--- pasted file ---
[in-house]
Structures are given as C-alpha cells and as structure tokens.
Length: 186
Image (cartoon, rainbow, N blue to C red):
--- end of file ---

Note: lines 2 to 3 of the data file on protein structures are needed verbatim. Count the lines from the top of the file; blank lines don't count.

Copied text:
Structures are given as C-alpha cells and as structure tokens.
Length: 186